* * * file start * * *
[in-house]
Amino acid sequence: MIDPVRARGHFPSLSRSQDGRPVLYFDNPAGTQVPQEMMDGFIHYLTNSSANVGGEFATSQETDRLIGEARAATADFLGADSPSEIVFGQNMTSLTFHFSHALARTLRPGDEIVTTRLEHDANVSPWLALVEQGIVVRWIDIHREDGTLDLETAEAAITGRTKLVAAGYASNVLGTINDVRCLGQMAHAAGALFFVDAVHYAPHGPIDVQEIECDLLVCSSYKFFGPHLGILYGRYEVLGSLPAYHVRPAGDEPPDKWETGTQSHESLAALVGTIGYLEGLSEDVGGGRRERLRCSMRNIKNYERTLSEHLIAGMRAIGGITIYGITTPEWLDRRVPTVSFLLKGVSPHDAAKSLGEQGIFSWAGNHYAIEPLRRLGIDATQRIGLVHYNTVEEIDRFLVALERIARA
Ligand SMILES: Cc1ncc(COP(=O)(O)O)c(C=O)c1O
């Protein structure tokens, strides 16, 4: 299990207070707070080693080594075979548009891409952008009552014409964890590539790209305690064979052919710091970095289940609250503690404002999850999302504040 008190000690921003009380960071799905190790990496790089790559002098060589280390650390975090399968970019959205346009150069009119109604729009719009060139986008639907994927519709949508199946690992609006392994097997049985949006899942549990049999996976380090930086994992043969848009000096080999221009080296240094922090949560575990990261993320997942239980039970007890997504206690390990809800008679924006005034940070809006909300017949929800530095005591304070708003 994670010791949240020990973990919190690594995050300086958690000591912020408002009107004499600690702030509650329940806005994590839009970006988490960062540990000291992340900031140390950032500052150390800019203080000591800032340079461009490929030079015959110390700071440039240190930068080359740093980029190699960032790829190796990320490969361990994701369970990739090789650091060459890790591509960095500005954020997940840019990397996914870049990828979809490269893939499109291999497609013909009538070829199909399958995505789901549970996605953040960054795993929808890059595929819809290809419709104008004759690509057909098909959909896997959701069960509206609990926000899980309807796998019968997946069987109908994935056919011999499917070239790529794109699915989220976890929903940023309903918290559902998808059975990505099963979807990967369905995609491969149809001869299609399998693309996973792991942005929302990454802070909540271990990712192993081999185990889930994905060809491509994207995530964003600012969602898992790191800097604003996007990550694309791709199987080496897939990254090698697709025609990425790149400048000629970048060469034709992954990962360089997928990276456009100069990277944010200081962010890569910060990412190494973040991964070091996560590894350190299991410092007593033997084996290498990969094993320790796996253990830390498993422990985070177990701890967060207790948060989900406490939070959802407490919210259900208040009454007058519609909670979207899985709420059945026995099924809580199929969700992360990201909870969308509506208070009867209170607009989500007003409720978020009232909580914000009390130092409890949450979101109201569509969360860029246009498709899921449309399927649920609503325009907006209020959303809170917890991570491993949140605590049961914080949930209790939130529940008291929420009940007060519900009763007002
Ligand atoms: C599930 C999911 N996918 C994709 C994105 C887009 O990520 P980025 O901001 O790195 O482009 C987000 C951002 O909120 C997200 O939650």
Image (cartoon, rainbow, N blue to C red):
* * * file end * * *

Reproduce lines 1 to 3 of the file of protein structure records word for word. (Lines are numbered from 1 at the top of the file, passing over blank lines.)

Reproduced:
[in-house]
Amino acid sequence: MIDPVRARGHFPSLSRSQDGRPVLYFDNPAGTQVPQEMMDGFIHYLTNSSANVGGEFATSQETDRLIGEARAATADFLGADSPSEIVFGQNMTSLTFHFSHALARTLRPGDEIVTTRLEHDANVSPWLALVEQGIVVRWIDIHREDGTLDLETAEAAITGRTKLVAAGYASNVLGTINDVRCLGQMAHAAGALFFVDAVHYAPHGPIDVQEIECDLLVCSSYKFFGPHLGILYGRYEVLGSLPAYHVRPAGDEPPDKWETGTQSHESLAALVGTIGYLEGLSEDVGGGRRERLRCSMRNIKNYERTLSEHLIAGMRAIGGITIYGITTPEWLDRRVPTVSFLLKGVSPHDAAKSLGEQGIFSWAGNHYAIEPLRRLGIDATQRIGLVHYNTVEEIDRFLVALERIARA
Ligand SMILES: Cc1ncc(COP(=O)(O)O)c(C=O)c1O